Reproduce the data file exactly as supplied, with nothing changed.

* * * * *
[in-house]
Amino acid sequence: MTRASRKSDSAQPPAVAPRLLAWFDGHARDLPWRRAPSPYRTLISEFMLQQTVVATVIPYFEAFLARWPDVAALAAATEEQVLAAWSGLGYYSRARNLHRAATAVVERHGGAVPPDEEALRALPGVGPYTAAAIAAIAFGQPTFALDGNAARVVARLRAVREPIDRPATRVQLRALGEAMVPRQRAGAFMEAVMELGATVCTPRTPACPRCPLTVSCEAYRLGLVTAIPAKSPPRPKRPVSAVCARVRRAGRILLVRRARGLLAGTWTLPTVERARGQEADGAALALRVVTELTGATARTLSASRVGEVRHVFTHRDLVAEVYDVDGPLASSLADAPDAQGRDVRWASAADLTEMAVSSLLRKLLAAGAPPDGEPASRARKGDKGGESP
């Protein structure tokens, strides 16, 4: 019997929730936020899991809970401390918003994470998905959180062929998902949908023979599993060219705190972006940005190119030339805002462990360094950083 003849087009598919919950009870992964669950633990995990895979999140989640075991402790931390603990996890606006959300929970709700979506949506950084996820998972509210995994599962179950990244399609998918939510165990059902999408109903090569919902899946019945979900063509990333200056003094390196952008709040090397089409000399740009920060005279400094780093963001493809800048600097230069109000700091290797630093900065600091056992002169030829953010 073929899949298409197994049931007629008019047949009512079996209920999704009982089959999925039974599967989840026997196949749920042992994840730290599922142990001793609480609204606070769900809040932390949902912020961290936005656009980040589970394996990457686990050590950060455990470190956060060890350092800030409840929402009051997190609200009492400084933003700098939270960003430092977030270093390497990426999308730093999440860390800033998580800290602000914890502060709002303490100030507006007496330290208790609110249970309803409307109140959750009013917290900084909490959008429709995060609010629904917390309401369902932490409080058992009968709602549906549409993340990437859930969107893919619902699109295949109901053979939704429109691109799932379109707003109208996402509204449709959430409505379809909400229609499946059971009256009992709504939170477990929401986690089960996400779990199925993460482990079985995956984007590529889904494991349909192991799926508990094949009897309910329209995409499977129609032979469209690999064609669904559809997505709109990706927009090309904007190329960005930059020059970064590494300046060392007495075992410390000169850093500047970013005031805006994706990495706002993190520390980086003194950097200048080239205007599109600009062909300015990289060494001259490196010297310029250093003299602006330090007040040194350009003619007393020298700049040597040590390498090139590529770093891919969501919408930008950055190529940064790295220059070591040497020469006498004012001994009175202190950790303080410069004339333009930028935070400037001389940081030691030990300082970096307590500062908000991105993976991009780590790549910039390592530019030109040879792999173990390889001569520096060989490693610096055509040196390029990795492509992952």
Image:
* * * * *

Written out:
[in-house]
Amino acid sequence: MTRASRKSDSAQPPAVAPRLLAWFDGHARDLPWRRAPSPYRTLISEFMLQQTVVATVIPYFEAFLARWPDVAALAAATEEQVLAAWSGLGYYSRARNLHRAATAVVERHGGAVPPDEEALRALPGVGPYTAAAIAAIAFGQPTFALDGNAARVVARLRAVREPIDRPATRVQLRALGEAMVPRQRAGAFMEAVMELGATVCTPRTPACPRCPLTVSCEAYRLGLVTAIPAKSPPRPKRPVSAVCARVRRAGRILLVRRARGLLAGTWTLPTVERARGQEADGAALALRVVTELTGATARTLSASRVGEVRHVFTHRDLVAEVYDVDGPLASSLADAPDAQGRDVRWASAADLTEMAVSSLLRKLLAAGAPPDGEPASRARKGDKGGESP
């Protein structure tokens, strides 16, 4: 019997929730936020899991809970401390918003994470998905959180062929998902949908023979599993060219705190972006940005190119030339805002462990360094950083 003849087009598919919950009870992964669950633990995990895979999140989640075991402790931390603990996890606006959300929970709700979506949506950084996820998972509210995994599962179950990244399609998918939510165990059902999408109903090569919902899946019945979900063509990333200056003094390196952008709040090397089409000399740009920060005279400094780093963001493809800048600097230069109000700091290797630093900065600091056992002169030829953010 073929899949298409197994049931007629008019047949009512079996209920999704009982089959999925039974599967989840026997196949749920042992994840730290599922142990001793609480609204606070769900809040932390949902912020961290936005656009980040589970394996990457686990050590950060455990470190956060060890350092800030409840929402009051997190609200009492400084933003700098939270960003430092977030270093390497990426999308730093999440860390800033998580800290602000914890502060709002303490100030507006007496330290208790609110249970309803409307109140959750009013917290900084909490959008429709995060609010629904917390309401369902932490409080058992009968709602549906549409993340990437859930969107893919619902699109295949109901053979939704429109691109799932379109707003109208996402509204449709959430409505379809909400229609499946059971009256009992709504939170477990929401986690089960996400779990199925993460482990079985995956984007590529889904494991349909192991799926508990094949009897309910329209995409499977129609032979469209690999064609669904559809997505709109990706927009090309904007190329960005930059020059970064590494300046060392007495075992410390000169850093500047970013005031805006994706990495706002993190520390980086003194950097200048080239205007599109600009062909300015990289060494001259490196010297310029250093003299602006330090007040040194350009003619007393020298700049040597040590390498090139590529770093891919969501919408930008950055190529940064790295220059070591040497020469006498004012001994009175202190950790303080410069004339333009930028935070400037001389940081030691030990300082970096307590500062908000991105993976991009780590790549910039390592530019030109040879792999173990390889001569520096060989490693610096055509040196390029990795492509992952």
Image: